The GREM1 gene is associated with autosomal dominant hereditary mixed polyposis syndrome (HMPS) in individuals who carry a duplication spanning the 3’ end of the adjacent SCG5 gene and a region upstream of the GREM1 locus (MedGen UID: 430218, PMID: 22561515).
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GREM1: Analysis of this gene is limited to deletion/duplication analysis of the promoter region.
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The GREM1 gene encodes a modifier of TGF-Beta/BMP pathways, and the TGF-Beta pathway has been shown to be an important contributor of colorectal tumorigenesis.
GREM1—hereditary mixed polyposis syndrome
MedGen UID: 430218
The GREM1 gene is associated with adult-onset hereditary mixed polyposis syndrome (HMPS), characterized by an increased risk of developing various types of colon polyps that may become malignant (PMID: 22561515 ). Affected individuals often present with an atypical pattern of polyposis in the colon and rectum. Polyp types associated with HMPS include atypical juvenile, hyperplastic, metaplastic, and adenomas. Adenoma types include flat, tubular, papillary, and serrated. Colorectal carcinoma occurs in a high proportion of reported families; however, the data are currently limited and lifetime risks are not well established (PMID: 25022750 ). The average age of polyp presentation is 40 years and there are no other clinical features or organ systems associated with this condition (PMID: 23724922 ).
GREM1 encodes a modifier of TGF-Beta/BMP pathways. The TGF-Beta pathway has been shown to be an important contributor of colorectal tumorigenesis. GREM1 is a cytokine that may play an important role during carcinogenesis and metanephric kidney organogenesis. It is also a BMP antagonist required for early limb outgrowth and patterning in maintaining the fibroblastic growth factor 4-sonic hedgehog feedback loop (UniProtKB – O60565 (GREM1_HUMAN). Accessed October 12, 2015 PMID: 23724922 OMIM: 603054 ).
The GREM1 gene is associated with hereditary mixed polyposis syndrome (HMPS) in individuals who carry a duplication spanning the 3’ end of the adjacent SCG5 gene and a region upstream of the GREM1 locus. This variant has no effect on SCG5 gene expression but is associated with greatly increased GREM1 expression (PMID: 22561515 ). This variant is a founder mutation in the Ashkenazi Jewish population and is currently the only known pathogenic variant involving GREM1. The frequency of this pathogenic duplication in other ethnicities is unknown and it is currently unclear if additional pathogenic variants in GREM1 cause HMPS (PMID: 25992589 ).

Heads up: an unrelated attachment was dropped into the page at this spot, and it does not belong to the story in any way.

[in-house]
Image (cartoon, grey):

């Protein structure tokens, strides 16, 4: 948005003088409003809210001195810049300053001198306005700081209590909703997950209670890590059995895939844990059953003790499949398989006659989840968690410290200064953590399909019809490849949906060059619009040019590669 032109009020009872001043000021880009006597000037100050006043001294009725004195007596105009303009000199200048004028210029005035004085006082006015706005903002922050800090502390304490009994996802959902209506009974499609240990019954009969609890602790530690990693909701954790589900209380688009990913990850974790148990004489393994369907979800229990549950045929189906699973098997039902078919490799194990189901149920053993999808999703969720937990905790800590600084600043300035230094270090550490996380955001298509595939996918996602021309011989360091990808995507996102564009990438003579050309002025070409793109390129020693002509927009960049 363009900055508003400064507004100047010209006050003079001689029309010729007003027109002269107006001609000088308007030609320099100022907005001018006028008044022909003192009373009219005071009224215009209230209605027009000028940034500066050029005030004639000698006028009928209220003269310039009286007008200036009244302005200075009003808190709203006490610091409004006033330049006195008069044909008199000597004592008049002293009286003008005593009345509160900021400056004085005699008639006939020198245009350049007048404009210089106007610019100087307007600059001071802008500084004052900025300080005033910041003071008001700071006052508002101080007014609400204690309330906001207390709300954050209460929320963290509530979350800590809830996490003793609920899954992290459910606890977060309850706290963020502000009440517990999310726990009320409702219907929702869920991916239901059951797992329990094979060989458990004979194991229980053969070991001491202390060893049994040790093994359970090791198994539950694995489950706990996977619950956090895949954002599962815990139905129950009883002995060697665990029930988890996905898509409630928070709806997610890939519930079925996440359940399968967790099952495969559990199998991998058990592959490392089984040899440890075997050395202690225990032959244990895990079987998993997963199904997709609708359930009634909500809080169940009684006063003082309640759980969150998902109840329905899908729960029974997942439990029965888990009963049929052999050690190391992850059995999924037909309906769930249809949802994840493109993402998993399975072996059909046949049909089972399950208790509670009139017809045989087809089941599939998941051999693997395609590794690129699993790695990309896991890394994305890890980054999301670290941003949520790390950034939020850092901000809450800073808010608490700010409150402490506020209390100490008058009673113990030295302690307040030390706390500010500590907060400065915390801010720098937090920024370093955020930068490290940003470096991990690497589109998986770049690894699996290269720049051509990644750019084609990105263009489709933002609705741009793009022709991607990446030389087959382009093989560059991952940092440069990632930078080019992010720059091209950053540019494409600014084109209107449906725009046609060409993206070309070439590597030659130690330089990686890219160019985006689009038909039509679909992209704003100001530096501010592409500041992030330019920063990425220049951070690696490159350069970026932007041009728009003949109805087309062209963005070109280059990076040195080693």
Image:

Hereditary mixed polyposis syndrome has autosomal dominant inheritance. This means that an individual with a pathogenic variant in GREM1 has a 50% chance of passing the condition on to their offspring. Once a pathogenic mutation is detected in an individual, it is possible to identify at-risk relatives who can pursue testing for this specific familial variant. Many cases are inherited from a parent, but some cases can occur spontaneously (i.e., an individual with a pathogenic variant has parents who do not have it). An individual with a variant in GREM1 has a 50% risk of passing that variant on to offspring.
Medical management and surveillance protocols for individuals with a pathogenic variant in GREM1 have been developed by the National Comprehensive Cancer Network® (NCCN) ( NCCN Clinical Practice Guidelines in Oncology®: Genetic/Familial High-Risk Assessment: Colorectal. Version 1.2016 ).
An individual’s cancer risk and medical management are not determined by genetic test results alone. Overall cancer risk assessment incorporates additional factors, including personal medical history, family history, and any available genetic information that may result in a personalized plan for cancer prevention and surveillance.
Knowing if a pathogenic variant is present is advantageous. At-risk relatives can be identified, enabling pursuit of a diagnostic evaluation. Further, the available information regarding hereditary cancer susceptibility genes is constantly evolving and more clinically relevant data regarding GREM1 are likely to become available in the near future. Awareness of this cancer predisposition encourages patients and their providers to inform at-risk family members, to diligently follow published screening protocols, and to be vigilant in maintaining close and regular contact with their local genetics clinic in anticipation of new information.
Review date: July 2016
Invitae is a College of American Pathologists (CAP)-accredited and Clinical Laboratory Improvement Amendments (CLIA)-certified clinical diagnostic laboratory performing full-gene sequencing and deletion/duplication analysis using next-generation sequencing technology (NGS).
Our sequence analysis covers clinically important regions of each gene, including coding exons, +/- 10 base pairs of adjacent intronic sequence, and select noncoding variants. Our assay provides a Q30 quality-adjusted mean coverage depth of 350x (50x minimum, or supplemented with additional analysis). Variants classified as pathogenic or likely pathogenic are confirmed with orthogonal methods, except individual variants that have high quality scores and previously validated in at least ten unrelated samples.
Our analysis detects most intragenic deletions and duplications at single exon resolution. However, in rare situations, single-exon copy number events may not be analyzed due to inherent sequence properties or isolated reduction in data quality. If you are requesting the detection of a specific single-exon copy number variation, please contact Client Services before placing your order.
|Gene||Transcript reference||Sequencing analysis||Deletion/Duplication analysis|
*GREM1: Analysis of this gene is limited to deletion/duplication analysis of the promoter region.